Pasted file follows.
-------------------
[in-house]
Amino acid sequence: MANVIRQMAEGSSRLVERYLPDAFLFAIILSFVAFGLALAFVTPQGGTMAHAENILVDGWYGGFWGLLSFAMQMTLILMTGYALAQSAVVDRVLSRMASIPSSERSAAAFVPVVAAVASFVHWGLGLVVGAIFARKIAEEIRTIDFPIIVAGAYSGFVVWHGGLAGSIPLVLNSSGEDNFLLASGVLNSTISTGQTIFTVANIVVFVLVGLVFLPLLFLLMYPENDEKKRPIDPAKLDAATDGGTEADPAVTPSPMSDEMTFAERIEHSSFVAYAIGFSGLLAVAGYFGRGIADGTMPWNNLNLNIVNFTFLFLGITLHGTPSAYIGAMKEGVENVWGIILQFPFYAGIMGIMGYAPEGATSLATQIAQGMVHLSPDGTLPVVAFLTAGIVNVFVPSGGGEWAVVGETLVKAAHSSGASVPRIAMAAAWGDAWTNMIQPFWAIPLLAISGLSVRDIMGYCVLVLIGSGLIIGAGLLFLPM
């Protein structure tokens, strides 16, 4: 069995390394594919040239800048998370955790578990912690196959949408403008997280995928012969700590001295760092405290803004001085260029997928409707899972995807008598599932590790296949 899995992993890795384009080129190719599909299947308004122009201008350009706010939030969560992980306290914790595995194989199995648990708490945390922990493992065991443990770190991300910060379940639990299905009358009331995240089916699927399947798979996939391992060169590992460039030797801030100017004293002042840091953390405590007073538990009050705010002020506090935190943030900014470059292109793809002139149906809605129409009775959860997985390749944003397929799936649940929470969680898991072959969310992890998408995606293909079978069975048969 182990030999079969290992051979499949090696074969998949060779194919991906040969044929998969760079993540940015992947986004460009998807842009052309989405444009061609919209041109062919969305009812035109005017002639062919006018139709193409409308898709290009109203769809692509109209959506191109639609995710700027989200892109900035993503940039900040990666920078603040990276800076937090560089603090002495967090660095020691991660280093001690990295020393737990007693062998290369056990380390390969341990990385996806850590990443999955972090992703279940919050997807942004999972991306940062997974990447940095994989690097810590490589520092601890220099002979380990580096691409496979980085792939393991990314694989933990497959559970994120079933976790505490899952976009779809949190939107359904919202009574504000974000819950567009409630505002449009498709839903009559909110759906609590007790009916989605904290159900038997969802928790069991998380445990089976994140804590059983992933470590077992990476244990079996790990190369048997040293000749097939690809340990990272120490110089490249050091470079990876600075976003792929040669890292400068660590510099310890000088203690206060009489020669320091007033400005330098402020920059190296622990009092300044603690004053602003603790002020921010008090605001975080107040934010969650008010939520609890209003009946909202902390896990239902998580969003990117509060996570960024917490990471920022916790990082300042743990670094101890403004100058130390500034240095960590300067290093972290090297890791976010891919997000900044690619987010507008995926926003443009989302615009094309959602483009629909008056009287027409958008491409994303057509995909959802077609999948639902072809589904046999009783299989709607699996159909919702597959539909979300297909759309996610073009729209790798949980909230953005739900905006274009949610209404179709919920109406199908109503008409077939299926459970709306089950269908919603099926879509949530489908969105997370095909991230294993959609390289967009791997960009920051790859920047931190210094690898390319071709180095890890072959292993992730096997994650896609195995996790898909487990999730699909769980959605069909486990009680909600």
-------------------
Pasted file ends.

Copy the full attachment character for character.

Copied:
[in-house]
Amino acid sequence: MANVIRQMAEGSSRLVERYLPDAFLFAIILSFVAFGLALAFVTPQGGTMAHAENILVDGWYGGFWGLLSFAMQMTLILMTGYALAQSAVVDRVLSRMASIPSSERSAAAFVPVVAAVASFVHWGLGLVVGAIFARKIAEEIRTIDFPIIVAGAYSGFVVWHGGLAGSIPLVLNSSGEDNFLLASGVLNSTISTGQTIFTVANIVVFVLVGLVFLPLLFLLMYPENDEKKRPIDPAKLDAATDGGTEADPAVTPSPMSDEMTFAERIEHSSFVAYAIGFSGLLAVAGYFGRGIADGTMPWNNLNLNIVNFTFLFLGITLHGTPSAYIGAMKEGVENVWGIILQFPFYAGIMGIMGYAPEGATSLATQIAQGMVHLSPDGTLPVVAFLTAGIVNVFVPSGGGEWAVVGETLVKAAHSSGASVPRIAMAAAWGDAWTNMIQPFWAIPLLAISGLSVRDIMGYCVLVLIGSGLIIGAGLLFLPM
């Protein structure tokens, strides 16, 4: 069995390394594919040239800048998370955790578990912690196959949408403008997280995928012969700590001295760092405290803004001085260029997928409707899972995807008598599932590790296949 899995992993890795384009080129190719599909299947308004122009201008350009706010939030969560992980306290914790595995194989199995648990708490945390922990493992065991443990770190991300910060379940639990299905009358009331995240089916699927399947798979996939391992060169590992460039030797801030100017004293002042840091953390405590007073538990009050705010002020506090935190943030900014470059292109793809002139149906809605129409009775959860997985390749944003397929799936649940929470969680898991072959969310992890998408995606293909079978069975048969 182990030999079969290992051979499949090696074969998949060779194919991906040969044929998969760079993540940015992947986004460009998807842009052309989405444009061609919209041109062919969305009812035109005017002639062919006018139709193409409308898709290009109203769809692509109209959506191109639609995710700027989200892109900035993503940039900040990666920078603040990276800076937090560089603090002495967090660095020691991660280093001690990295020393737990007693062998290369056990380390390969341990990385996806850590990443999955972090992703279940919050997807942004999972991306940062997974990447940095994989690097810590490589520092601890220099002979380990580096691409496979980085792939393991990314694989933990497959559970994120079933976790505490899952976009779809949190939107359904919202009574504000974000819950567009409630505002449009498709839903009559909110759906609590007790009916989605904290159900038997969802928790069991998380445990089976994140804590059983992933470590077992990476244990079996790990190369048997040293000749097939690809340990990272120490110089490249050091470079990876600075976003792929040669890292400068660590510099310890000088203690206060009489020669320091007033400005330098402020920059190296622990009092300044603690004053602003603790002020921010008090605001975080107040934010969650008010939520609890209003009946909202902390896990239902998580969003990117509060996570960024917490990471920022916790990082300042743990670094101890403004100058130390500034240095960590300067290093972290090297890791976010891919997000900044690619987010507008995926926003443009989302615009094309959602483009629909008056009287027409958008491409994303057509995909959802077609999948639902072809589904046999009783299989709607699996159909919702597959539909979300297909759309996610073009729209790798949980909230953005739900905006274009949610209404179709919920109406199908109503008409077939299926459970709306089950269908919603099926879509949530489908969105997370095909991230294993959609390289967009791997960009920051790859920047931190210094690898390319071709180095890890072959292993992730096997994650896609195995996790898909487990999730699909769980959605069909486990009680909600």